Although the question of Taiwan’s status is unlikely to be resolved soon, considering the various possible outcomes and how they might affect U.S.–China relations is useful. A total of ten distinct trajectories for the resolution of the cross-strait relationship can be identified, with greatly varying implications for U.S.-China relations. Unsurprisingly, the impact of peaceful outcomes, including continued peaceful irresolution, is both more predictable and generally better for relations between Washington and Beijing. If China uses force against Taiwan, however, subsequent U.S.–China relations could fall anywhere from close cooperation to hostile cold war. Both how the Taiwan issue is resolved and the nature of subsequent U.S.–China relations will largely be determined by the nature of China’s government: a democratic, or, at least, highly pragmatic Chinese government is more likely to achieve a peaceful resolution; a government still controlled by the Chinese Communist Party is less likely to do so. As China’s military capabilities grow, it will become increasingly difficult but also increasingly more important to prevent Beijing from using force to bring about unification.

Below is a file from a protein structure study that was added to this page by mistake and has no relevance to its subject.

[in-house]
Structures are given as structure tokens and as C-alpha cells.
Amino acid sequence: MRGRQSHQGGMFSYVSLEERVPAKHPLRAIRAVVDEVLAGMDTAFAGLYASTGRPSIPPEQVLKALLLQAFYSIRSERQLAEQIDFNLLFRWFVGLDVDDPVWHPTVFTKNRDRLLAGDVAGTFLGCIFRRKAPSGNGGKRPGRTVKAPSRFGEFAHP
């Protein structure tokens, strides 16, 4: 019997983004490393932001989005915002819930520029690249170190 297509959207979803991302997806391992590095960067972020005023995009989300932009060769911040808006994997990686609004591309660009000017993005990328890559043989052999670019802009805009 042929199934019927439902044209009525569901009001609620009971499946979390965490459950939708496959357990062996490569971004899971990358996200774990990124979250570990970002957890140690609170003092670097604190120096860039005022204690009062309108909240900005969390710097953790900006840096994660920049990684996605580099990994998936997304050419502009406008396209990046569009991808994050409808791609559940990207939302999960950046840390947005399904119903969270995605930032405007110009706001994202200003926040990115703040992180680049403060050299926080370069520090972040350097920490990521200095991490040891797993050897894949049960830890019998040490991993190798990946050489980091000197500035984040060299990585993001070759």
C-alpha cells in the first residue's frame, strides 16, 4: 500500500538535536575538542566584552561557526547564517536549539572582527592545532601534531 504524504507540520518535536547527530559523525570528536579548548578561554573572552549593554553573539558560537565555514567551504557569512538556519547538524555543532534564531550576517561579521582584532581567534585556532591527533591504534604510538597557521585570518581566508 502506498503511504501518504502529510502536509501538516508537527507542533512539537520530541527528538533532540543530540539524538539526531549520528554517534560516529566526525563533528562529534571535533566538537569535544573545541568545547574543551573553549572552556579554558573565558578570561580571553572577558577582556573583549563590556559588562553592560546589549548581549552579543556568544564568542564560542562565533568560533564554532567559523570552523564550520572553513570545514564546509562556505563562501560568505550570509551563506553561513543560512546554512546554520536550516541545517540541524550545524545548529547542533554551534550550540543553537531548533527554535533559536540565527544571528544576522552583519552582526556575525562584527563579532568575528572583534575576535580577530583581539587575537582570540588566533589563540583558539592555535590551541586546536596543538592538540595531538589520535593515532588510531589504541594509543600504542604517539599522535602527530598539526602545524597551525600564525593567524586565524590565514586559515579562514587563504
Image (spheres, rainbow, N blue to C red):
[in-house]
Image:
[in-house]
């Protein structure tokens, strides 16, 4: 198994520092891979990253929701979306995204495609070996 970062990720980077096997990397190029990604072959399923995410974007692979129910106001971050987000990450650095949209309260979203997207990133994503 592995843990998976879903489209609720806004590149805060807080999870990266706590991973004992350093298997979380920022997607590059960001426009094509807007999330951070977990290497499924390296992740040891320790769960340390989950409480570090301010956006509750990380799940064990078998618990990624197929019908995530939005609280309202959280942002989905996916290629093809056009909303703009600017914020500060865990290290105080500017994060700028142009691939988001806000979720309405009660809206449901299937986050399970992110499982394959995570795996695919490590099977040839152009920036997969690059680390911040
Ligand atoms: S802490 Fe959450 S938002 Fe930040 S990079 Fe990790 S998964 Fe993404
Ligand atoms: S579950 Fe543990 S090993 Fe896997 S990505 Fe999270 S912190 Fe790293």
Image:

The research described in this report was sponsored by the United States Air Force and conducted by RAND Project AIR FORCE.
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